02 December 2009

A Return to Sanity

Earlier this summer, we found ourselves in the Boston Public Gardens (as we often do), trailing behind a fast running baby with a pinecone clutched tightly in one of her hands, a water bottle in the other, rocks and twigs and leaves and possibly a snail falling out of her pockets...and a stick in her mouth, a la Fido. She was attempting to shriek with joy around the stick as she went blazing by onlookers, intent on catching a squirrel. Or maybe a duck.

I followed languidly, keeping her close but not too close, when a woman stopped me with a look of panic on her face. "Oh my God! She's got a stick in her mouth!!"

I checked to make sure that she hadn't tried to put the stick in her mouth like a straw - no, still carrying it like a dog. Good to go. "Yes," I remember replying. "She does. Her hands are full so that's the only way she can carry it right now." As the woman spluttered, I walked off to catch up with A who was now plopped on the ground, playing with prickly seeds from some tree or other.

Not too long before that, we had taken her to Wollaston Beach for a day. While there, we met another mother with a baby a couple of weeks older. The girls gravitated to each other and Mom and I started chatting. As she watched her daughter eat some sand, she said, sheepishly, "Does it make me a bad mom that I let her do that?" She seemed to be worried that I was going to scream, "OH MY GOD SHE'S EATING SAND!!!!" Apparently, this has happened.

When my own daughter started licking likely rocks, checking for flavor in the strata, I said, "Um. No. I hope you don't mind but my daughter is sharing rocks with yours." Yes, both babies were now licking rocks, sampling and holding them out to share. And eating sand. And dumping sand over their heads.

They were exploring as babies do, with their mouths. Mom and I were relieved, I think, to be in each other's company and we started talking about our similar parenting philosophy which boils down to: Kids eat dirt. We ate dirt. Dirt doesn't kill. Let them eat dirt!

The Mommy Drive By (thank you, Lylah!) in the Public Gardens wasn't the first I've encountered, nor was it the last. As I noted in my musings on Michael Specter, however, brilliant people tend to turn stupid quickly and I really take offense at you taking offense because my child was somewhat innovative and was carrying a stick in her mouth (not in such a way as to have stabbed her if she fell) - but you think it's fine to endanger my child by bucking the vaccine trend with some junk science for a backer (there are always exceptions, I understand that and I am not speaking about those here).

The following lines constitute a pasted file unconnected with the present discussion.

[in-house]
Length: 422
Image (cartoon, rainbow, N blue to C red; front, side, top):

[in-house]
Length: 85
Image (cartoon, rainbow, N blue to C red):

So it was with relief that I read this Times article today. I whooped for joy inside. Maybe there's hope that my daughter will be able to enjoy the childhood I did, one that didn't take place in a "safe" era but one that I managed to survive in spite of the fact that I was more often than not out of sight of my parents than in.

In our house, you won't find antibacterial cleaners or soap, hand sanitizer and you won't find me following after my child at every waking moment. She needs her space now as much as we need ours and she takes it quite often, in her room with her toys or sitting in her rocker "reading" books.

In fact, she just came over to show me how she's painted her face with her "wa wa cowors". [facepalm] She's a kid. She makes messes, eats dirt, falls and hurts herself (and I believe that sometimes letting them do so is integral to the "Don't Touch" and "Don't Do" learning process - "No" has no meaning, no matter how wonderful your explanation, without the experience behind it) and yes, she eats the cat food and picks up things I'd rather she not outside on the streets.

So far though, she's confident, daring, and generally just a normal, happy kid whose biggest stress is being told that she cannot, in fact, juggle knives or put pennies in outlets. As she grows, I'll be damned if I'm doing her homework for her or accompanying her on college or job interviews. After school activities will be limited to "free", school sanctioned and play time with other kids. Hopefully she won't hate me for it later, but I just can't understand parents who overbook and hover over their kids' every move and I'm so glad to see that finally, FINALLY, a return to reality and sanity may be in sight.

Are you a helicopter parent or more relaxed and relieved that maybe there's an end in sight?


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